We are now officially in September! I always enjoy
the cooler weather that the fall brings, it’s a much
needed change of pace after the muggy Chicago Summers.
Fall also brings the one race per year that I actually run,
The Morton Arboretum 5K.
I often then, get the question:
“How do you get your “cardio” if you don’t run?”
The short answer is that my “cardio” is a by product of the way I train. If I had aspirations of being a runner, I would certainly need to work some running practice in so that my body could adapt to that specific stimulus. However, since I’m just a regular guy who wants to be able to run a 5K whenever the mood strikes, my current training will do just fine. Here’s why(the long answer):
I always Focus on Developing Strength and Explosive Power. Simply put, the stronger you are, the less effort each stride takes. Less effort per stride means that you can sustain running longer without fatiguing.
I always Train Total Body Movements. Running requires the use of both upper and lower extremities, with the each leg transferring power to the opposite arm, and vice versa. If you are not coordinated, your running will be very inefficient and much more taxing than it should be. If you train your body as one coordinated unit, each stride will be way more efficient than if you run like Frankenstein.
Finally, my Focus on Joint Mobility, Flexibility, and Quality of Movementallow me to show up for the race, uninjured. Simply put, running is dangerous. In fact, each year about 1000 qualifiers of the Boston Marathon take a medical deferrment, meaning they qualify, but will take a full year off due to injury. And these are folks who know a thing or two about running! If you want to reduce injuries, in ANY atheltic endeavor, you need to focus on the QUALITY of movement (proper exercise form) rather than quantity (45 minutes on a treadmill with horrible posture and your body completely out of alignment). Quality movement starts with healthy joints that can operate pain free through their entire range of motion.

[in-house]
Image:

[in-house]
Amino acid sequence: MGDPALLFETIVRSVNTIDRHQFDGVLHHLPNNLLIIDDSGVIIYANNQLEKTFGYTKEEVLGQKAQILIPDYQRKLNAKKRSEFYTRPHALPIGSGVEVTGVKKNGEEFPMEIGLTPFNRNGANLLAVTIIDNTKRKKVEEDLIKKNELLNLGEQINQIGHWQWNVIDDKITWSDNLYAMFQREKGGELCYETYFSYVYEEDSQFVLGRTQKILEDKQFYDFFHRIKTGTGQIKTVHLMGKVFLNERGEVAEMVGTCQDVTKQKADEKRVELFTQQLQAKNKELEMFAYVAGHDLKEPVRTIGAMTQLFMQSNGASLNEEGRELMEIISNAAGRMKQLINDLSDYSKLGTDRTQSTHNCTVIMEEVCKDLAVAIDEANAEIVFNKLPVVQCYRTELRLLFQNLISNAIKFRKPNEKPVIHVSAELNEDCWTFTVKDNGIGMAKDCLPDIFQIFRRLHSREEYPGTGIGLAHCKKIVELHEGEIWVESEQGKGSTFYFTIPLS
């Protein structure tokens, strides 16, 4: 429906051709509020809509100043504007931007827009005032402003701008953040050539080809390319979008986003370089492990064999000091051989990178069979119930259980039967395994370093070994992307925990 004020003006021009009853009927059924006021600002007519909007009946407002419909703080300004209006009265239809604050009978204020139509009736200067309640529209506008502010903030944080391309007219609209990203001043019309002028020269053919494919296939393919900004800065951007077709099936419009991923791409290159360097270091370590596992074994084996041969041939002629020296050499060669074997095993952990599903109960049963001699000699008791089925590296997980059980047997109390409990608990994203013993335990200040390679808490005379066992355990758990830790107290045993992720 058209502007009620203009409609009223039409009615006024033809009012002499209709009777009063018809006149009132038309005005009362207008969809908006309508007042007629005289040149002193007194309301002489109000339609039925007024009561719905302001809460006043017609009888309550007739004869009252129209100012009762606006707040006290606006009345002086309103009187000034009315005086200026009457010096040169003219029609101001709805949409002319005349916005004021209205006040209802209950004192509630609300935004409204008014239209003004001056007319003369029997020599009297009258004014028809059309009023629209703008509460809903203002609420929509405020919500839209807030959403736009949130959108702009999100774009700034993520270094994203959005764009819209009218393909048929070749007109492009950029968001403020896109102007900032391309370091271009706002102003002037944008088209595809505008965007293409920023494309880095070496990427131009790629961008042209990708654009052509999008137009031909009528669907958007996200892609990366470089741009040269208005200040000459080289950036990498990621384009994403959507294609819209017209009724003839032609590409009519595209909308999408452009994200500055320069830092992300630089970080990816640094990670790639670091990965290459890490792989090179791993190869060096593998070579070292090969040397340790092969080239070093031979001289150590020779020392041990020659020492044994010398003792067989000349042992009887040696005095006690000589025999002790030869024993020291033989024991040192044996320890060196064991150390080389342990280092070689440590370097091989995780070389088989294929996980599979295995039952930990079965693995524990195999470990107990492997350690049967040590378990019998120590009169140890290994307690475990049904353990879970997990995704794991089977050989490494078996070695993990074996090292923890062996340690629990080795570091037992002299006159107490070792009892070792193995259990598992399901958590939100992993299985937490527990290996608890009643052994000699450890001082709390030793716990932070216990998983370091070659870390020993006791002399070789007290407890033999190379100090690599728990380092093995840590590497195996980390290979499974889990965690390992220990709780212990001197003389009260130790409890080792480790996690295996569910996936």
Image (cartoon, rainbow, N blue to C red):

Being constantly injured or in nagging pain is a sure fire way to dampen not only your fitness goals, but your overall quality of life.
I know I haven’t even mentioned heart rate yet. Well here is the deal, when you train strength, such as, say by doing kettlebell swings, Turkish Get Ups, and squats, your heart rate goes up. A lot. Then we rest and let it come back down a hair. And then we do another set, and the heart rate goes up again. This constant up/down makes your heart stronger i.e. more efficient at pumping blood. The more blood your heart can move with each heart beat, the longer you can sustain an activity, such as jogging, with a lower heart rate. Lower heart rate=Less Energy Used=Less Fatigue.
Don’t get me wrong, I’m no Lance Armstrong here when it comes to endurance sports. However, I would venture to say that any of my clients would put a treadmill junkie to shame any day when it comes to a 5K (or most any athletic feat). Just sayin…